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AIG in financial crisis, will this effect my Workers’ Compensation benefits under the Defense Base Act? – Part 2 September 17, 2008

Posted by Herb Chestnut in Uncategorized.
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We have been receiving numerous emails in response to our previous posting on the AIG crisis and its effect on Defense Base Act claims. While it appears that a potential government bailout will keep AIG’s daily operations and claims management moving normally, we have been asked a lot of “What ifs?”

What if AIG Worldsource, the DBA insurance arm of AIG, declared bankruptcy? Who would pay for claimant’s medical care? Who would pay their weekly benefits?

Under the Defense Base Act extension to the Longshore and Harbor Workers’ Compensation Act (LHWCA), if the insurer is insolvent, the employer would then be responsible for paying these claims. Obviously, that would be a huge and otherwise unexpected financial responsibility for the employer. A small contractor, with many claims against could be pushed into financial ruin.

A larger, more sophisticated, company like Kellog, Root & Brown (KBR) who was either devious enough or clever enough to employ its personnel in Iraq and Afghanistan through a Caymon Islands corporation (Service Employers International) might opt to bankrupt that corporation and protect KBR from claims directly against that parent company.  There is no telling if that would work, but in the worst case scenario of a complete meltdown by AIG, the rats will certainly look for every way to flee from the sinking ship.

Lets assume for a moment that both the insurer and the employer end up insolvent or bankrupt. Who then will pay these claims?  The answer is the “Special Fund,” established by 33 U.S.C. section 944 of the LHWCA.  Every DBA insurer is required to pay an amount into the fund each year based on a formula.  The problem with the special fund is that it has nowhere near the resources to pay the hundreds or thousands of DBA claims that AIG insures. The 2008 audit of the Special Fund by the Office of Inspector General reveals that in 2006 and 2007 the fund paid out only $1.4 and 1.7 million in compensation for bankrupt self-insured employers. In a few years AIG has paid out over $70 million in benefits to its DBA claimants and has plently of pending claims. It is hard to see how the fund could absorb those claims without intervention.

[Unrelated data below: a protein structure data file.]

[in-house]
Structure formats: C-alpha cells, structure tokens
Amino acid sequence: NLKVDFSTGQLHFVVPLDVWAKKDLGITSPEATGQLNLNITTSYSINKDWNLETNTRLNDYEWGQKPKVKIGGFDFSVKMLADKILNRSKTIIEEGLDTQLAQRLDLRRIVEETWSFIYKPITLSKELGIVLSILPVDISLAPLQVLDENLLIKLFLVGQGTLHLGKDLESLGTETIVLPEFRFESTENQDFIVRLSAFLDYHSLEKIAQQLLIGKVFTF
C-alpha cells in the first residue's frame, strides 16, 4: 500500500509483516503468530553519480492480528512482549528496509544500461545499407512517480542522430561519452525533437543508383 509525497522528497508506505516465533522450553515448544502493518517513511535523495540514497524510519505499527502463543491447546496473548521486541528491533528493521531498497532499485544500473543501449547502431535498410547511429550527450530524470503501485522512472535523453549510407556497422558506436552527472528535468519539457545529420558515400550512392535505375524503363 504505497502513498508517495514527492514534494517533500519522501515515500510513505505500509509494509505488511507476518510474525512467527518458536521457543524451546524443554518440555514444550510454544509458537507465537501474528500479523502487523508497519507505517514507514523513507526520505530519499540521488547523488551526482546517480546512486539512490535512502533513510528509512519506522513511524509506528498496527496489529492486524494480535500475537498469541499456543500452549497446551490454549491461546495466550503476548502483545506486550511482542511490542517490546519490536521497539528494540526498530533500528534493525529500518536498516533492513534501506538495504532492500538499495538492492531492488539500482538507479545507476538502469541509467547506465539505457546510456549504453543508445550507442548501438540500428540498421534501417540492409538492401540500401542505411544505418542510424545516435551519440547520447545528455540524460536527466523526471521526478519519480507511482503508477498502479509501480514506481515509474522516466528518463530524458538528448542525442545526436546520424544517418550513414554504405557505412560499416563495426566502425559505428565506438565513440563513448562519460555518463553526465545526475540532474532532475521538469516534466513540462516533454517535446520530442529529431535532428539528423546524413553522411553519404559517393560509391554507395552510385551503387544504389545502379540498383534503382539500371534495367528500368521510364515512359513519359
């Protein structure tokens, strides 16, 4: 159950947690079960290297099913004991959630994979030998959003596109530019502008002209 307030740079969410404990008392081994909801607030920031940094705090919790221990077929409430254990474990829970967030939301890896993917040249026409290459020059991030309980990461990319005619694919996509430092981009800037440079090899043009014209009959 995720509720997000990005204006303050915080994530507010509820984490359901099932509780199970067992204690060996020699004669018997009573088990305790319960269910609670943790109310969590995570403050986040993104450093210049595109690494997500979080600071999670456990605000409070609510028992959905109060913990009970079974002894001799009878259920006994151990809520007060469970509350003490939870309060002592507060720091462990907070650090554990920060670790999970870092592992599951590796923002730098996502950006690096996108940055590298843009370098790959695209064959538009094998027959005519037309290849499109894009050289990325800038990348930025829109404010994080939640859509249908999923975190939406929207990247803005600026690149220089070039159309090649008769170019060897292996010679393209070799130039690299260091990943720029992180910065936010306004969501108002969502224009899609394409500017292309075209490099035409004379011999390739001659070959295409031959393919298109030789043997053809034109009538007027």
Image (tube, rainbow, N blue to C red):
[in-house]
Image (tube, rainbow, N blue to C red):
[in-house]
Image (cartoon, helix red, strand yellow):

In conclusion, since AIG Worldsource is a relatively small piece of the entire AIG company (and a profitable one at that), we would anticipate that it would be “business as usual” for DBA claimants, especially after the bail out.  However, after the horror stories we have heard from some of our readers, I am sure some of you are expecting the worst.  To many people, “Murphy’s Law” has applied to each and every step of their experience with KBR and/or SEI.  This is just one more thing that has gone wrong, simply because it could.

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1. William Reese - June 29, 2009

How can I find out if AIG handles Longshore accident claims( or who ever handles injury claims) in regards to my accident nearly 5 years ago in Savannah at Colonial Oil dock. The state (Ga.) has refused to pay anything since my accident and I am trying to get help. I was an
OGC inspector, just finishing up with the ship, stepped on the near verticle gangway to exit the boat. The gangway shifted and down I went. Spent nearly six months in hospital then developed DVT’s in both legs and am now disabled. I just need to find out who is the insurance company. Thanks for any help.

Aaron Walter - July 1, 2009


To find the insurer, I would advise contacting the Department of Labor office in New York to see if they have “insurance cards” on that individual employer. Unfortunately, there is no online reference, rather there are paper references to each company’s insurance. For Defense Base Act cases, the inurance listings are in the New York office. I am not sure if this might be different for regular Longshore claims. If you continue to have difficulty finding this information, let me know I would be happy to help.

2. Herb Chestnut - July 1, 2009


Have you been paid any benefits under either state or federal comp? Also, did you ever file a claim or have anyone file one for you?

Feel free to call us to discuss.

Herb Chestnut

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